DePaul Spotlight on Lisa Gundry
Chicago Family Business Council: Tell us a little bit about your department?
Lisa Gundry: I am a Professor in the Department of Management, in Entrepreneurship and Innovation, and Director of the Center for Creativity and Innovation. The Center’s mission is to foster innovation in organizations by helping entrepreneurs, managers and teams learn more effective methods of creative problem solving and develop innovation strategies that lead to new products, services, and other forms of new value for markets and communities. The Entrepreneurship academic area serves undergraduate and graduate majors and concentrations with courses on all aspects of the new venture and small business management process. We also offer programs in Continuing and Professional Education. Faculty members also engage in significant outreach to the entrepreneurial community, including student team-based projects with businesses.
CFBC: What has been the most rewarding aspect of your work with DePaul, and why?
LG: The students who come through our entrepreneurship courses are enthusiastic and curious about new venture creation, and about helping companies grow. It’s especially rewarding to work with them and see efforts lead to successful new businesses. Another aspect of my work that is very gratifying is interacting with many businesses and business owners. For example, in my courses business owners and managers work with students in ideation sessions, in which the students are given a challenge the business is facing, and then use innovation tools to generate ideas and potential solutions that can make a difference in the organization. Recently, my class worked with a company that is going to roll out one of the new products generated in the session. That benefits student learning and business performance, and it’s exciting to be part of that.
CFBC: What has been your greatest lesson you've learned through your work at DePaul?
LG: Education is a very collaborative experience. Our students bring energy to their course experience, including a strong motivation to make a difference through their work. That’s why I think it’s important to provide a classroom environment that promotes creative thinking and behavior, and to give them the chance to interact with the business community so they can be aware of what’s on managers’ and employees’ minds. Then, when they complete their education they are more likely to be able to contribute to solving significant problems and searching for new opportunities desired by business and society.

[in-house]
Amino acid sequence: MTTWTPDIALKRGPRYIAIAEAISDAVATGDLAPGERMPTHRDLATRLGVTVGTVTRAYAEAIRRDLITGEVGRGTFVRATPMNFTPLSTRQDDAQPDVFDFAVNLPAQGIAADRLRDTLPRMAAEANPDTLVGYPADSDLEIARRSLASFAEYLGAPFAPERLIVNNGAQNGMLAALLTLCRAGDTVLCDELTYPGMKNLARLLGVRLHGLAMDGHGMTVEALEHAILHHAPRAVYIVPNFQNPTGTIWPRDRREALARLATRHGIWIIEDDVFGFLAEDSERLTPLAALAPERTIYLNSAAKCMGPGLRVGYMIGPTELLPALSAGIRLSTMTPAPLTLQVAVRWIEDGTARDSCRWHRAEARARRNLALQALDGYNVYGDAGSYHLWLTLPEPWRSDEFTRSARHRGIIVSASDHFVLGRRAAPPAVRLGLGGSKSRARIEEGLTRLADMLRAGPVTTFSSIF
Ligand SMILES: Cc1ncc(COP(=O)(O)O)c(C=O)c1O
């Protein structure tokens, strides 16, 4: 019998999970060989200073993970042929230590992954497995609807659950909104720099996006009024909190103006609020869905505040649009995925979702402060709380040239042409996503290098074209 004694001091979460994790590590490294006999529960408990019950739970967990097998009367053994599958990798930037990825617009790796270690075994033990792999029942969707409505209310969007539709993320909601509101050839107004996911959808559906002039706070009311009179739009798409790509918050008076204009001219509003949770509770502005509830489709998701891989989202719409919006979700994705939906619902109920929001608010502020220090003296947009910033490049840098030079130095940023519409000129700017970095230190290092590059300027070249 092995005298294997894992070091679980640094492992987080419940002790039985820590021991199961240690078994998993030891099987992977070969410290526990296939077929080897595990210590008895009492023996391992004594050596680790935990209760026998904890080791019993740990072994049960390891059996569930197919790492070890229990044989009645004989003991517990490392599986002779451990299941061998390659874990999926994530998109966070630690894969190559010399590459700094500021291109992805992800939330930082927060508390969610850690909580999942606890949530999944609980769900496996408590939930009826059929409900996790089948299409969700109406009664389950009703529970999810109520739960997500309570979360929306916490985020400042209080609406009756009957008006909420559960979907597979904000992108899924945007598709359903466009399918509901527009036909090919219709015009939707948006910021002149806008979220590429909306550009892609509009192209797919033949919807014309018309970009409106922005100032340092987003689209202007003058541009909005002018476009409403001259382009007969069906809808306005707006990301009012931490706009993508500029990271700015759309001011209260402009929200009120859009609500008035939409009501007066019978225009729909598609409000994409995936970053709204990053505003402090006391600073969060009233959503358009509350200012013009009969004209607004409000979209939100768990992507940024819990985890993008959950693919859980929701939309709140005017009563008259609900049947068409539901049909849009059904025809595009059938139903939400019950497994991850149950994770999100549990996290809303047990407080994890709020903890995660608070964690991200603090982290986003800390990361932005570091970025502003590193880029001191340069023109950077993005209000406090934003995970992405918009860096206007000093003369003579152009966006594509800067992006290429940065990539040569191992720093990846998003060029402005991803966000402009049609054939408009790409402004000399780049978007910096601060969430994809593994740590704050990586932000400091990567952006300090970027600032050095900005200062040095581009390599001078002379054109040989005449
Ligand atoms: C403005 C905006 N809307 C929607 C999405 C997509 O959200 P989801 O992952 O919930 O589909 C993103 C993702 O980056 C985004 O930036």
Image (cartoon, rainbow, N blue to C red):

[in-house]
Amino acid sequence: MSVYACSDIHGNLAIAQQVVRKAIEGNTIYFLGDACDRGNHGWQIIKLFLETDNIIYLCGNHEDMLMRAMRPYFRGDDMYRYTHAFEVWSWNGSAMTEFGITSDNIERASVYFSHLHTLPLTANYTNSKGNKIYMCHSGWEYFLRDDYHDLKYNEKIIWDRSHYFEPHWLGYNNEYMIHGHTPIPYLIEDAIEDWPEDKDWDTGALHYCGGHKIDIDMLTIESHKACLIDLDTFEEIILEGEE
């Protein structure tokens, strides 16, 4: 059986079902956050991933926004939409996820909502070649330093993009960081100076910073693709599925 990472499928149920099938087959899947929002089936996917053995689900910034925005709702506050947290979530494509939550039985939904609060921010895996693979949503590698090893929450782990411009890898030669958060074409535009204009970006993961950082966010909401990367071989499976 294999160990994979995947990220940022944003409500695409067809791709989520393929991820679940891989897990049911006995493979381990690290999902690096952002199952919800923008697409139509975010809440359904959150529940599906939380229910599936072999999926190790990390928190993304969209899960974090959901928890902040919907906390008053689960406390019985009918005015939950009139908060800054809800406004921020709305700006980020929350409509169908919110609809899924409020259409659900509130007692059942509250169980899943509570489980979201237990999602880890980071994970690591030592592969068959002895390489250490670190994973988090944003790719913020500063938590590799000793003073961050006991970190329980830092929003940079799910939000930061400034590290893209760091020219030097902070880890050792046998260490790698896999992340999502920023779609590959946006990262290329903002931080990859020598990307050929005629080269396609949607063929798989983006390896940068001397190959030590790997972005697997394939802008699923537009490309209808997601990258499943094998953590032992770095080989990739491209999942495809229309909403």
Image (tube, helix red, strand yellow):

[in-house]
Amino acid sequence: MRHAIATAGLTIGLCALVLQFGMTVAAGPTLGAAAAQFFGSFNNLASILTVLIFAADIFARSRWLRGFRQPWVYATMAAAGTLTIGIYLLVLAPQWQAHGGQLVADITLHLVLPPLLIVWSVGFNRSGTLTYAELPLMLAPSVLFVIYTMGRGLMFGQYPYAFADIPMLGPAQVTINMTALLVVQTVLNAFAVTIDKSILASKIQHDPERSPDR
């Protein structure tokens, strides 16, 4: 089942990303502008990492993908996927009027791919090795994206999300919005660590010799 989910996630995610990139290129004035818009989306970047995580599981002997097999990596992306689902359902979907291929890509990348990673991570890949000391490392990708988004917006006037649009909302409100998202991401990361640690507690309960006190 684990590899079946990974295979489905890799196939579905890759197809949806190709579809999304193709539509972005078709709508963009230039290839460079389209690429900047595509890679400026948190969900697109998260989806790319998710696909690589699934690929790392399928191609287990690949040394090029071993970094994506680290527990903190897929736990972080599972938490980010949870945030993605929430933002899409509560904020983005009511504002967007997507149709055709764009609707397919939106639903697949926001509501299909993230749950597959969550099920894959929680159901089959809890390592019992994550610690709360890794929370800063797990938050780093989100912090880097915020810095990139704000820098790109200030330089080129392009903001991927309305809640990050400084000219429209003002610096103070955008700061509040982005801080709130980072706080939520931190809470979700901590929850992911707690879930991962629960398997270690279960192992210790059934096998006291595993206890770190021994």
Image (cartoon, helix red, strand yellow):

CFBC: What do you wish CFBC members knew about DePaul or your department, and why?
LG: The Center for Creativity and Innovation hosts the DePaul Innovation Network, a professional development and networking group in innovation. We have speakers, tours and other events that bring together professionals across industries for learning and conversation around innovation-related themes. Additionally, CFBC members are welcome to learn more about coming to my courses for the ideation sessions described earlier. These sessions are a great way to get many creative ideas that can help your business. Please contact me for more information if you are interested. We work with organizations large and small, both new and established, and look forward to interacting with CFBC members.
CFBC: How could you serve as a resource for the CFBC members, and how could they serve as a resource for you?
LG: My colleagues and I are available for speaking and consultation, and happy to help and connect CFBC members with area experts in issues they are facing. We welcome CFBC members to events, and as speakers or participants in the ideation sessions in courses, and in research projects that further our knowledge of the problems and opportunities relevant to family businesses.